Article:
Twenty-nine years ago, I was preparing to set off for Germany and Romania, alone, for a daunting research project. It resulted in a screenplay, a novel, a story for older children and a magazine short story.

There was snow on the streets of Timisoara (where the uprising against the communist tyrant Ceausescu started) and many little candlelit shrines in Bucharest, marking where people were killed.

I made two long visits to Romania and met cowed people suddenly full of hope. How disappointing it is to realise that today Romania (an EU member) has one of the highest child poverty rates in the developed world . . .

Bel answers readers’ questions on emotional and relationship problems each week. 

Write to Bel Mooney, Daily Mail, 2 Derry Street, London W8 5TT, or email bel.mooney@dailymail.co.uk. 

A pseudonym will be used if you wish. 

Bel reads all letters but regrets she cannot enter into personal correspondence.

Anyway, I’ve recently had a delightful email exchange (through my website) with a 12-year-old in Bucharest who’s reading my novel, The Voices Of Silence, set in 1989 at the time of the revolution. I’m so pleased!

She asked me various questions, including who the main character was based on. Nobody, I replied, because novelists can make things up. She wrote back: ‘I didn’t think Flora was a made-up character because she sounds so realistic. I hope that something devastating like the Romanian Revolution doesn’t happen again in Romania or in the world.’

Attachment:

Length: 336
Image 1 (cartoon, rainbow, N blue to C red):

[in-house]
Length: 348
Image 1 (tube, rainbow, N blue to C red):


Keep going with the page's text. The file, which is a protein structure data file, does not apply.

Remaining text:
Ah, my dear, I thought, but it will . . . and sometimes (as in Romania) the upheaval heralds a change for the better.

Surely children in former Eastern Bloc countries are taught what communism was like? When everybody was terrified of the Secret Police? When there was nothing in the shops, and only the elite had access to the all-powerful dollar? That was on-going devastation.

Just lately, dear readers, I confess I’ve been feeling jaded. Those of us who have lived through political changes, seen lying leaders come and go, listened to the latest nonsense, witnessed the hypocrisy of the ‘virtuous’, heard the angry shrieks of the young . . . no wonder we feel there’s nothing new under the sun. Except sad, freshly minted hopes.